How to find one
Because there is no city-supported infrastructure, cash-strapped but creative organizers are most likely to use good, old-fashioned word of mouth, postering or the latest in social networking—Twitter, Flickr, Facebook—to drum up business. Speaking of—some even invite drumming groups to announce market day.
We were able to sniff out a few rogue farmer's markets, and that was pretty lucky. The only real way to find them is by keeping your ear to the ground in your own ‘hood. Just follow the aroma of artisanal bread and freshly harvested basil! Failing that, keep an eye out for posters on telephone poles and construction hoarding, poke around Facebook or send out a Tweet asking around in your area. Talk to local foodie organizations, such as Slow Food and check the bulletin board at community centres, libraries and colleges.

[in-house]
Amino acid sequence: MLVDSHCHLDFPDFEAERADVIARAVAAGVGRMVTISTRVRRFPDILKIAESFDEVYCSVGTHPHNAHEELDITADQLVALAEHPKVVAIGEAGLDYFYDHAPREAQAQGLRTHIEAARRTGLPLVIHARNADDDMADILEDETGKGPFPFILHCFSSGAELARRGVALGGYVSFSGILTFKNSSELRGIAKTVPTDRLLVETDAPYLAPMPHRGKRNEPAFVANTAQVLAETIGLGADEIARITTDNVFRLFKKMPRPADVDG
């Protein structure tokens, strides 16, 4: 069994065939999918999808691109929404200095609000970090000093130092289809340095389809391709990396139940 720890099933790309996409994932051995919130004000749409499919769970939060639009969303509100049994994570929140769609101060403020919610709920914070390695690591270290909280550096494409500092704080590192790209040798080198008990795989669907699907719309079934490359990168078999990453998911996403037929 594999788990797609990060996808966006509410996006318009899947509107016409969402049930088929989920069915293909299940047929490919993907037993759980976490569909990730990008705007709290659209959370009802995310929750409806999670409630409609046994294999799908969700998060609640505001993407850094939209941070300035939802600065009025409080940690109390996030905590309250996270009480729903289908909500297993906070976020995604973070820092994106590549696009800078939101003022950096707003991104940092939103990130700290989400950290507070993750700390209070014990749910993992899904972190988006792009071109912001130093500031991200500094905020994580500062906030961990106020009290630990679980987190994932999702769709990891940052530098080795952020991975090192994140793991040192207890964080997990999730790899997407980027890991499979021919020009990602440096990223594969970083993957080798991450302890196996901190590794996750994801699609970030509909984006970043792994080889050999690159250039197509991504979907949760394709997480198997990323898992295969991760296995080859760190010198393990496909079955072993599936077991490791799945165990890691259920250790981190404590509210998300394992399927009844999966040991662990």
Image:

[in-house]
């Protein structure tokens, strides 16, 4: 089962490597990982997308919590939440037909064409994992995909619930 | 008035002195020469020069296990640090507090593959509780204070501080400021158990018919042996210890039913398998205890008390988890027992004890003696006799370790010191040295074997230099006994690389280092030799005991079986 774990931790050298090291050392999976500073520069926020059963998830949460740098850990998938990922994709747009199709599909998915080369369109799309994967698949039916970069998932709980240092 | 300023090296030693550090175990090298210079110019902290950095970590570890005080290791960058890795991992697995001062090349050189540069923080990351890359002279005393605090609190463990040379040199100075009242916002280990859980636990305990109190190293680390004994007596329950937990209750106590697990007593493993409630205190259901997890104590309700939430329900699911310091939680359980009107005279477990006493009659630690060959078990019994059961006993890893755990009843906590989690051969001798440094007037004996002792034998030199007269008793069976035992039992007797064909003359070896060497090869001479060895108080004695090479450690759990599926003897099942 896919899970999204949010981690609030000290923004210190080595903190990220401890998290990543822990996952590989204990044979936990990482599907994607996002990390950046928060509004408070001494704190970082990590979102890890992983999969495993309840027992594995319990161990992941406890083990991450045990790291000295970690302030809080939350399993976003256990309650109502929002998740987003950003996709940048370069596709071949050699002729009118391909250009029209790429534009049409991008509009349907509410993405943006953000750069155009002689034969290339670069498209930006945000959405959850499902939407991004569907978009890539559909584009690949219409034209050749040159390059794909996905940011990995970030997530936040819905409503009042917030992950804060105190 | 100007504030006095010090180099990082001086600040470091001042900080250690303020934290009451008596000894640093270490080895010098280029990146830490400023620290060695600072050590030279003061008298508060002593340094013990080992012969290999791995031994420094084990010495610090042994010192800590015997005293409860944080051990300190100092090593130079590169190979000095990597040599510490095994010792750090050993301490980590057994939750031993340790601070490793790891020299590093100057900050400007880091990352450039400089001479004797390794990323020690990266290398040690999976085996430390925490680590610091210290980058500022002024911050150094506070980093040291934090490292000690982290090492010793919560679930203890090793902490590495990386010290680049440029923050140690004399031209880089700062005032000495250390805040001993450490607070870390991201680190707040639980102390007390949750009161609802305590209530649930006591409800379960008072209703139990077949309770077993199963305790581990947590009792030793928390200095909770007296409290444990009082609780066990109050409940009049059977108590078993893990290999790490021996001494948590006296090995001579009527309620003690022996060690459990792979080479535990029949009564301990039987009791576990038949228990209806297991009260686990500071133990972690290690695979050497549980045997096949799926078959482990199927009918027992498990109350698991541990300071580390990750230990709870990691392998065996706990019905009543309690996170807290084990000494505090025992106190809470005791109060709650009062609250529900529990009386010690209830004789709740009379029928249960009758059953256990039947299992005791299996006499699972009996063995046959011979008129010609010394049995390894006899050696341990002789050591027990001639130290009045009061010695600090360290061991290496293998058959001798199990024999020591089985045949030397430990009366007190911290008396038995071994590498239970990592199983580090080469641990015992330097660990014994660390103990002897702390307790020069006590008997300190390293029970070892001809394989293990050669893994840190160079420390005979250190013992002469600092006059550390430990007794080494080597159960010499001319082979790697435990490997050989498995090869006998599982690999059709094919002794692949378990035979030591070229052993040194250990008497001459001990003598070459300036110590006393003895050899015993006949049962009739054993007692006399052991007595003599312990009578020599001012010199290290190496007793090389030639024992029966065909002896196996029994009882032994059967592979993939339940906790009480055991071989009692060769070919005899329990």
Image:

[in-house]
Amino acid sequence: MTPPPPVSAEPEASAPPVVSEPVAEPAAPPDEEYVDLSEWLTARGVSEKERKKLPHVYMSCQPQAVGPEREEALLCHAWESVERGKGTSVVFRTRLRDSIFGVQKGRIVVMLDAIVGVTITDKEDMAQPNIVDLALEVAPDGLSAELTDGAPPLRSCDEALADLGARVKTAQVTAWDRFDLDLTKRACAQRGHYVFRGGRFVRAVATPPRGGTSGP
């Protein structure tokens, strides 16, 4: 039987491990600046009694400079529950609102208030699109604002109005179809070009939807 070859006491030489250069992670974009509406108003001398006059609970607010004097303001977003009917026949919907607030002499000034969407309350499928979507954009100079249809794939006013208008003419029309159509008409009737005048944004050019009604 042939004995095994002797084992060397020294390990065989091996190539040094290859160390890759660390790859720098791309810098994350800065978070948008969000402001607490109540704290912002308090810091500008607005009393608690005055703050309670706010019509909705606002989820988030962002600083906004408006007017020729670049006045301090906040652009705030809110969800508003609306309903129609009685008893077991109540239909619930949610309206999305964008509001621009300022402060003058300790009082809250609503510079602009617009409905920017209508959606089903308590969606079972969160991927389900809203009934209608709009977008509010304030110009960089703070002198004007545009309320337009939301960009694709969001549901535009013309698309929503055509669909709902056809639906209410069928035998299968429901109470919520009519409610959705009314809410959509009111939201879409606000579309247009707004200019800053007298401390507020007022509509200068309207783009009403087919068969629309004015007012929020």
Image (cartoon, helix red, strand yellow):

A few known pop-up markets
- The Kawartha Ecological Growers Farmer's Market pops up on the patio of The Céilí Cottage in the East End of Toronto.
- In the West End, The Drake Hotel hosts a truly urban farmers’ market, where local city gardeners bring the stuff they’ve grown to sell to other urban farmers and their neighbours. Held in the Drake’s Secret Garden, where Chef Anthony Rose grows his own, it’s organized by food writer and agent provocateur Ivy Knight.
- And the smarty pants at BC’s Kwantlen University in Langley, are making delicious use of their parking lot.
Going rogue 101
- Definitely BYOB. That’s bring your own bag, not bottle!
- In this case, you can leave home without it, the plastic that is. These operations are cash only.
- Walk, ride, bike, scooter, skateboard, but try leaving the car at home. It’s important to respect the neighbourhoods where these markets take place, and no one likes extra vehicular traffic.
Photos courtesy of Kawartha Ecological Growers